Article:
Jane Addams

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Jane Addams at Hull house
I. A Biographical Sketch
A. Life
a. Childhood
b. Education
c. As a Sociologist
II. Her Legacy and Influences
A. At Hull House
a. Ideas of a settlement House
b. Hull House was born
c. Activities at Hull House
B. The Chicago Women
a. Social Amelioration
b. Social Ethics and Social Claims
c. Her sociological articles and publications

JANE ADDAMS: A Biographical Sketch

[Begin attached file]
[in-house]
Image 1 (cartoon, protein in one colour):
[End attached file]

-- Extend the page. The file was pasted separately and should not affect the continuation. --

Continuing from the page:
Jane Addams, though often trivialized in popular schooling as an ever-beloved “Lady Bountiful”, was a deeply thoughtful, ethically committed person, of only modest personal wealth, who genuinely tried to love her neighbors, and who in her life time both was on the FBI’s list of “most dangerous radicals” (during the 1920s “Red Scare”) and won the Nobel Prize (in1931). Jane Addams was born in Freeport, Illinois, on September 6, 1860, into a family involved in both business and politics. "Jenny" as they called her as a baby was strongly influenced by her father who lead a very active life. She was the daughter of a very well-to-do gentleman, John Addams. He was in the State Legislature for sixteen years and directed a bank as well as a railroad. And her mother Sarah Weber Addams was a strong woman and "stern disciplinarian" of her children. She ran the "domestic factor" with the help of a hired hand, which enabled her to prepare meals for flour, saw mill and field workers. She took charge of the mills when John was away and often helped the neighbors. When Jane was only three her mother became very ill and died. Jane had five brothers and sisters at the time of her mother's death. Martha, the eldest, took over in raising the family. As a result of not having any siblings her age, Jenny was often given her way and disliked greatly being reprimanded. Although it has been stated that Jane was pretty, she felt self-conscience about the curve in her spine which as a result, made her...
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